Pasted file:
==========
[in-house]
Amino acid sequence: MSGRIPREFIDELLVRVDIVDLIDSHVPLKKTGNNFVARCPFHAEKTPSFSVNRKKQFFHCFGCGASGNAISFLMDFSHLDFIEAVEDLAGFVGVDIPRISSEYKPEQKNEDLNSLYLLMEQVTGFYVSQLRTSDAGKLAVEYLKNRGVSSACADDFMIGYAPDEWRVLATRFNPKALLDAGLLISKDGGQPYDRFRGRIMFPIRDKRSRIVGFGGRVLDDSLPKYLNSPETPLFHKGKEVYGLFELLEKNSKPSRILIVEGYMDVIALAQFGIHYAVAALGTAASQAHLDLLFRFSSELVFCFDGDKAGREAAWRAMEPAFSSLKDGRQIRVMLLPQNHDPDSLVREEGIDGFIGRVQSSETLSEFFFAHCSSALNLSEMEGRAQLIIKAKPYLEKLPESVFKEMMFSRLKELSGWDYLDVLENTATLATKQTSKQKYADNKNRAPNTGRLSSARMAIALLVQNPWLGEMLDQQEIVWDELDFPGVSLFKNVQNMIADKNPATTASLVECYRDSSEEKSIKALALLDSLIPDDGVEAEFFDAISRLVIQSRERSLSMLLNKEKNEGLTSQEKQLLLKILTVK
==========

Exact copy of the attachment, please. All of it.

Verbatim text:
[in-house]
Amino acid sequence: MSGRIPREFIDELLVRVDIVDLIDSHVPLKKTGNNFVARCPFHAEKTPSFSVNRKKQFFHCFGCGASGNAISFLMDFSHLDFIEAVEDLAGFVGVDIPRISSEYKPEQKNEDLNSLYLLMEQVTGFYVSQLRTSDAGKLAVEYLKNRGVSSACADDFMIGYAPDEWRVLATRFNPKALLDAGLLISKDGGQPYDRFRGRIMFPIRDKRSRIVGFGGRVLDDSLPKYLNSPETPLFHKGKEVYGLFELLEKNSKPSRILIVEGYMDVIALAQFGIHYAVAALGTAASQAHLDLLFRFSSELVFCFDGDKAGREAAWRAMEPAFSSLKDGRQIRVMLLPQNHDPDSLVREEGIDGFIGRVQSSETLSEFFFAHCSSALNLSEMEGRAQLIIKAKPYLEKLPESVFKEMMFSRLKELSGWDYLDVLENTATLATKQTSKQKYADNKNRAPNTGRLSSARMAIALLVQNPWLGEMLDQQEIVWDELDFPGVSLFKNVQNMIADKNPATTASLVECYRDSSEEKSIKALALLDSLIPDDGVEAEFFDAISRLVIQSRERSLSMLLNKEKNEGLTSQEKQLLLKILTVK